Have you ever been in a courtroom to watch a guilty plea hearing? It’s a tension-filled environment, and for many reasons. But I can tell you from personal experience (as a PROFESSIONAL - geeze, people!) that much of the tension felt by the participants is that some other participant will go off-script and annoy the judge. The prosecutor is worried about law enforcement, the defense attorney is worried about his client, and both are worried that the victim might sound off at the wrong time. All these concerns are based on hard experience won from similar past events, where someone speaks out of turn and the judge rejects the deal that everyone worked so long and hard to reach.
And so it is after this weekend, which saw the HBC, Dr. Pastides, and the-guy-who-hires-and-fires-the-men’s-basketball-coach all fly out to the golden hills of Los Angeles to appear before the NCAA Committee on Infractions. The Gamecock delegation was summoned to explain to the higher-ups just how several of our football players could have possibly negotiated leases at a local apartment complex, and how an alumnus could dare to go to work for a not-for-profit that helps young basketball hopefuls.
By all accounts Carolina had an impressive package deal worked out, which would see us fall on our swords and admit wrongdoing, pay a fine, cut a couple/three scholarships, and promise to . . . I don’t know here, maybe not let our players sign apartment leases or not let the private companies that own those lease get lax if someone misses a payment, or maybe prohibit our graduates from going on to work with at-risk youth.
Regardless, the collective wisdom out there on the internet strongly recommends that we all hold our tongues (or keyboards, or whatever) and hope that we don’t inadvertently say something that will anger the NCAA. The governing body is just itching to slam us, I guess, and we would all be wise to avoid giving them an excuse. So, I won’t go off-script. I won’t put the deal at risk.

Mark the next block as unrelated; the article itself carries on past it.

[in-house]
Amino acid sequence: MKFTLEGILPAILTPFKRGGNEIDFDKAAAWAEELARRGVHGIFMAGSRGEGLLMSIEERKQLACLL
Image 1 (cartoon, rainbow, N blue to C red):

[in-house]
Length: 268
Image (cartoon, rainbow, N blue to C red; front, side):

Y’all can all relax.
I won’t suggest that the entire investigation was a stinking pile of dog poo trumped up by a local sports reporter high on hair gel. I promise, I won’t.
And I won’t even point out the bitter irony that we are currently on probation for improperly tutoring (yes, that’s right) prospective student athletes while one of our conference foes suffered no admonition when it recently won a coveted BCS crystal with a player that was widely recognized as having been bought by the highest bidder.
I won’t point out to the NCAA that the fact they know EXACTLY what and whom I was alluding to in the above-paragraph is just another example of how feckless and annoying their whole system of justice is. I won’t even go there.
I will absolutely refrain from rehashing all the evidence that Clemson Tiger University, a football program built on open and blatant paying of players, is still
paying players getting wads of cash from rich aunts winning the lottery on NSD just foolin with around with money and a camera today with no apparent negative attention.
I won’t dare point out that the most storied programs out there – the Bama’s and the Miami’s and the Southern Cal’s – all seem to cheat at every turn, and when the stench of their abuses finally grows so distinct that even the NCAA overlords can’t blame it on the dog any longer, the punishments that are handed down don’t seem to put a dent in the strange competitive advantages those schools enjoy.
I won’t call the system a joke, or the penalties asininely inconsistent.
No, I’ll just keep my head down, stay on the script, and hope the judge accepts the deal.